In Doug’s last post, he talked about how lead nurturing is a critical part of the inbound marketing and sales development puzzle. Effective lead nurturing can bring your efforts together and produce significant results.
A major component of most lead nurturing strategies is email marketing. How you construct your emails can have a significant impact on well they move your leads through their buyer’s journey. Here are some things to keep in mind as you build your next email nurturing program.
Not all leads are the same. They shouldn’t all be nurtured the same way either. Segment your list as much as possible…by buyer persona, by industry, etc. Use behavioral data to segment the list further. Analyze how they respond to your email. Did they open it? Did they download your offer? Did they click through to your site? How much time did they spend there? Understanding their behavior will help you provide the right content at the right time.
For example, the first email or two of your nurturing campaign may go to everyone who identified themselves as Persona #1 that downloaded XYZ premium content. Before sending out email #3, analyze how this list has responded and segment it further.
The copy you write for your nurturing emails is probably the most important element of the campaign. Here are some best practices to keep in mind.
Know your audience. For many things in inbound marketing, understanding your buyer personas is critical. Email nurturing campaigns is one of them. The more you know about your audience, the easier it will be to write copy that resonates with them. Know their pain points and use the language they use to describe their issues.
Consider the buyer’s journey. When writing your messages, consider where your audience is in the journey. Construct messages that will be helpful to them at that stage. Marketing automation platforms, like HubSpot, allow you to automatically send messages gradually over time. It is important not to overload your recipients all at once especially if they are in the early stages of their process.
Set the tone. A conversational tone will resonate better than a sales pitch. Your messages should be helpful and educational for your audience. Using buzzwords or too many superlatives may turn your audience away. One of the objectives of your campaign should be to build trust. Choose your tone with that in mind.
Keep it simple. The last thing you want is for a prospect to open your email, be overwhelmed by the length and just close it. Keep your messages straightforward and simple. Bring value in the first couple of sentences.
Personalize. According to DemandGen Report, leads who are nurtured with personalized content produce a 20% increase in sales opportunities. I think your sales team would agree that personalizing your email nurturing campaigns is well worth the effort. Some personalization techniques are as simple as using their name or their company name in the subject line.
Marketing automation platforms allow you to create responsive content which takes personalization a step further. Based on criteria you set, one prospect may see a different web page than another when they click on your link. Or they may see a different call to action.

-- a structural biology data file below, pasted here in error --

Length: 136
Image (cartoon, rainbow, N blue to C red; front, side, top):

Personalizing the signatures of your emails is also important. An email from a specific person rather than a generic address is more likely to be opened.
When designing your email templates, there are some key things to consider.
HTML or plain text. Before creating your template, you need to decide if you will use HTML or plain text. Both have advantages and disadvantages. HTML emails have better click-through rates, look better overall and provide the opportunity to include tracking codes. Plain text have higher deliverability rates, can be read universally and display properly. Select the format that works best for your audience.
Color and branding. Use colors and other branding elements in your design to differentiate your message.
Use bullets and short paragraphs. Make your message easy to scan by breaking the text into short paragraphs and using bulleted or numbered lists where applicable.
Include a CTA. Include a call to action above the fold if possible. Make sure it stands out from the rest of the message.
Use images. We’ve all heard the phrase…a picture is worth a thousand words. If you can incorporate visual elements into your design.
Unsubscribe links. Make sure your unsubscribe links are easy to find.
Include contact information. Remember to include a personal signature that includes contact information.
Before you hit send, make sure you know how your email will look when it arrives in your prospects’ inboxes. Send the messages to yourself and colleagues. Adjust your template for any issues that arise.
Additionally, every part of your email can be tested and analyzed. Try multiple subject lines, different CTAs, alternative text, colors, etc. As your campaign goes on, you can continually adjust just about every element of your message until you find the combination that brings the best results.
Know When to Send
Identifying the optimal time to send your messages can be tricky. It all goes back to knowing your buyer personas. By understanding how they approach each day, you may be able to identify the best time to communicate with them. In general, it is best not send emails first thing in the morning or last thing in the evening.
One interesting note…at Imagine, we have recently started sending messages late in the day on Sundays. I have read many times not to send B2B messages on weekends or holidays. However, we are finding that we get more engagement sending on Sundays. Try it with your audience. Let us know what happens.
Effective email lead nurturing can make a huge impact on sales and revenue. As you build your next campaign, make sure you review the key areas discussed here.